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Triple-dip recession chances 'high'
An unprecedented triple-dip recession for the UK will be confirmed if Friday's contraction in GDP is followed by another decline in the current quarter.
Economists believe the chances of such a scenario are high, given that there has been no let up in the pressure on consumers and businesses and snow disruption threatens to cost the economy an estimated £500 million a day.
There is no official definition of a triple dip, but it is widely accepted to mean that the economy has fallen into recession three times without returning to a period of robust growth in between.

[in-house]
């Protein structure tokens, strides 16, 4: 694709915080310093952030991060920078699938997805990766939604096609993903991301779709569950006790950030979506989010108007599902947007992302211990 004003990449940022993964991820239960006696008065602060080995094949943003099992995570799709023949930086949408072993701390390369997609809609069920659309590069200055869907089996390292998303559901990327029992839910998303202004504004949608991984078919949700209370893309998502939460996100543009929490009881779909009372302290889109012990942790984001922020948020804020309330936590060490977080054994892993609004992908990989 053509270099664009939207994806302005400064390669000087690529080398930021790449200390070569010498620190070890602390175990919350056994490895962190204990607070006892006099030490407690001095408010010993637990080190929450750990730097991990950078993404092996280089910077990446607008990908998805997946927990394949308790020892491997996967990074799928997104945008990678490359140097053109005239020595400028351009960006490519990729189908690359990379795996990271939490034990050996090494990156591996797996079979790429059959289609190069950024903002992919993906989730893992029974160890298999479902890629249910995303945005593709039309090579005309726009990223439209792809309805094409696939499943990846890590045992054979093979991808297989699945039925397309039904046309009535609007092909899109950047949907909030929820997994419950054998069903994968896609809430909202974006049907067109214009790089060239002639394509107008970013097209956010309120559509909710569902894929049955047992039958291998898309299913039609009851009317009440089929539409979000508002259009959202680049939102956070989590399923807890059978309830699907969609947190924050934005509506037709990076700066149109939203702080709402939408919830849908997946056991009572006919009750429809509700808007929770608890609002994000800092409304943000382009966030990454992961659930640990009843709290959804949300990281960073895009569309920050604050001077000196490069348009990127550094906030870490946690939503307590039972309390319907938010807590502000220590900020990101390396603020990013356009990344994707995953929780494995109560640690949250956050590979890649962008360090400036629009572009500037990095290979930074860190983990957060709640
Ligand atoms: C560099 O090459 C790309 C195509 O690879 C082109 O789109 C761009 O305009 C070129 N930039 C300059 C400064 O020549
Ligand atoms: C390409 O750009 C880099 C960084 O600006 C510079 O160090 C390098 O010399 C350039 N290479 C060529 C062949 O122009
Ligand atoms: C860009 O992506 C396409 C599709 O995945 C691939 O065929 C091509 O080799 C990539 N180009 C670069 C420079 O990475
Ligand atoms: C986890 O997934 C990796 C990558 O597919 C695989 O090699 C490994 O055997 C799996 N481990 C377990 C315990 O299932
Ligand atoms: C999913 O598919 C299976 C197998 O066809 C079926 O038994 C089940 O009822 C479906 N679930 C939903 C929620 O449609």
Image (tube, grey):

The UK plunged into a double-dip recession last year, contracting for three quarters in a row before bouncing back with growth of 0.9% in the three months to September.
According to the Office for National Statistics, there has not been a triple-dip recession since its records began in 1955, with Britain last suffering such economic gloom in the Great Depression.
But the UK did experience some shaky economic times in the 1970s, when the economy came very close to a triple-dip recession, slipping in and out of negative territory.
Largely caused by the 1973 oil crisis, the UK was in recession for two years in the mid 1970s and it took 14 quarters for GDP to recover to levels seen before the start of the recession - during which time it slipped into a double-dip recession and nearly a triple.
Britons also faced eye-watering stagflation in the 70s, when negative GDP combined with high inflation.
Inflation peaked at more than 20% during that recession, putting today's above-target UK inflation of 2.7% in perspective.